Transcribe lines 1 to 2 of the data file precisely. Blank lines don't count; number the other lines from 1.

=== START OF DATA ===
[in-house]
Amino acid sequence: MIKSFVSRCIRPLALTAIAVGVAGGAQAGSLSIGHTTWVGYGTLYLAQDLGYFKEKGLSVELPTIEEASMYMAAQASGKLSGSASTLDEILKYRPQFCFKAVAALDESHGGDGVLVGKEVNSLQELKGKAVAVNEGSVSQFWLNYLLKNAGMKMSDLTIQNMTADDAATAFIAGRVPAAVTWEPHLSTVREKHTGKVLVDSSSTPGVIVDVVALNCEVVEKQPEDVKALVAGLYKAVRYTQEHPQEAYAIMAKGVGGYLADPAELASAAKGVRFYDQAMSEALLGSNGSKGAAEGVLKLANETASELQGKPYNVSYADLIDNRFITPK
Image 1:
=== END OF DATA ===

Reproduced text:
[in-house]
Amino acid sequence: MIKSFVSRCIRPLALTAIAVGVAGGAQAGSLSIGHTTWVGYGTLYLAQDLGYFKEKGLSVELPTIEEASMYMAAQASGKLSGSASTLDEILKYRPQFCFKAVAALDESHGGDGVLVGKEVNSLQELKGKAVAVNEGSVSQFWLNYLLKNAGMKMSDLTIQNMTADDAATAFIAGRVPAAVTWEPHLSTVREKHTGKVLVDSSSTPGVIVDVVALNCEVVEKQPEDVKALVAGLYKAVRYTQEHPQEAYAIMAKGVGGYLADPAELASAAKGVRFYDQAMSEALLGSNGSKGAAEGVLKLANETASELQGKPYNVSYADLIDNRFITPK